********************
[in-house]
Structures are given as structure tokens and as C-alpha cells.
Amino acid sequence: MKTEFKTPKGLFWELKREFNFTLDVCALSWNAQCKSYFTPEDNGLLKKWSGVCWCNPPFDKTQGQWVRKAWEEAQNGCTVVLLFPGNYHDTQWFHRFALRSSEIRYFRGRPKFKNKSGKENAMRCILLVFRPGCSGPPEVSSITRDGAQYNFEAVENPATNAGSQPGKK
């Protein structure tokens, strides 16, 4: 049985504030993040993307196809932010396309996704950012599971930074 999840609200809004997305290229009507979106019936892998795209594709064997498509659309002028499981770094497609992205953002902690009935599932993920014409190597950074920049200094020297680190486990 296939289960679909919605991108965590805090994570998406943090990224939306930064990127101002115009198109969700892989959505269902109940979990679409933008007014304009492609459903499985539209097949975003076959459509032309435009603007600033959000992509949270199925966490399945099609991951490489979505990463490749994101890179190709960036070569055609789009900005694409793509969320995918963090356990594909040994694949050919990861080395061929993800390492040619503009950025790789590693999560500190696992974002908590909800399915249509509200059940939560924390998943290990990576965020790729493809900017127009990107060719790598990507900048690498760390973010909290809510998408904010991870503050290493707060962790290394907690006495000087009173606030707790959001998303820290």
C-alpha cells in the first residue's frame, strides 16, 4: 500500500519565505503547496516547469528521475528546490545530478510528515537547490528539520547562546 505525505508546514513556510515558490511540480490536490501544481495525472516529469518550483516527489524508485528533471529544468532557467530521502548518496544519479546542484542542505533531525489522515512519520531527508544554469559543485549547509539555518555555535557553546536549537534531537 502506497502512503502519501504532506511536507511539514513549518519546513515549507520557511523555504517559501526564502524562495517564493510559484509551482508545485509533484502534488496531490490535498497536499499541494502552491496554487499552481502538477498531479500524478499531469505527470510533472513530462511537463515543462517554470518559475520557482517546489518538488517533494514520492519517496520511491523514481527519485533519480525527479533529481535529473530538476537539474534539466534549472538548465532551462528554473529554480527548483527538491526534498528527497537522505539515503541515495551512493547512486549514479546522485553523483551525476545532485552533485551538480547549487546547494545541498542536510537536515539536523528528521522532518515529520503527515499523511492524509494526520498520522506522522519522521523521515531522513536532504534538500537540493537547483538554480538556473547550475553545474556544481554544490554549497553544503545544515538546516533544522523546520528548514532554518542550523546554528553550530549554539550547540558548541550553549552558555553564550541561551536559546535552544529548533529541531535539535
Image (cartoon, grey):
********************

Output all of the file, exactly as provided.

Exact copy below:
[in-house]
Structures are given as structure tokens and as C-alpha cells.
Amino acid sequence: MKTEFKTPKGLFWELKREFNFTLDVCALSWNAQCKSYFTPEDNGLLKKWSGVCWCNPPFDKTQGQWVRKAWEEAQNGCTVVLLFPGNYHDTQWFHRFALRSSEIRYFRGRPKFKNKSGKENAMRCILLVFRPGCSGPPEVSSITRDGAQYNFEAVENPATNAGSQPGKK
């Protein structure tokens, strides 16, 4: 049985504030993040993307196809932010396309996704950012599971930074 999840609200809004997305290229009507979106019936892998795209594709064997498509659309002028499981770094497609992205953002902690009935599932993920014409190597950074920049200094020297680190486990 296939289960679909919605991108965590805090994570998406943090990224939306930064990127101002115009198109969700892989959505269902109940979990679409933008007014304009492609459903499985539209097949975003076959459509032309435009603007600033959000992509949270199925966490399945099609991951490489979505990463490749994101890179190709960036070569055609789009900005694409793509969320995918963090356990594909040994694949050919990861080395061929993800390492040619503009950025790789590693999560500190696992974002908590909800399915249509509200059940939560924390998943290990990576965020790729493809900017127009990107060719790598990507900048690498760390973010909290809510998408904010991870503050290493707060962790290394907690006495000087009173606030707790959001998303820290």
C-alpha cells in the first residue's frame, strides 16, 4: 500500500519565505503547496516547469528521475528546490545530478510528515537547490528539520547562546 505525505508546514513556510515558490511540480490536490501544481495525472516529469518550483516527489524508485528533471529544468532557467530521502548518496544519479546542484542542505533531525489522515512519520531527508544554469559543485549547509539555518555555535557553546536549537534531537 502506497502512503502519501504532506511536507511539514513549518519546513515549507520557511523555504517559501526564502524562495517564493510559484509551482508545485509533484502534488496531490490535498497536499499541494502552491496554487499552481502538477498531479500524478499531469505527470510533472513530462511537463515543462517554470518559475520557482517546489518538488517533494514520492519517496520511491523514481527519485533519480525527479533529481535529473530538476537539474534539466534549472538548465532551462528554473529554480527548483527538491526534498528527497537522505539515503541515495551512493547512486549514479546522485553523483551525476545532485552533485551538480547549487546547494545541498542536510537536515539536523528528521522532518515529520503527515499523511492524509494526520498520522506522522519522521523521515531522513536532504534538500537540493537547483538554480538556473547550475553545474556544481554544490554549497553544503545544515538546516533544522523546520528548514532554518542550523546554528553550530549554539550547540558548541550553549552558555553564550541561551536559546535552544529548533529541531535539535
Image (cartoon, grey):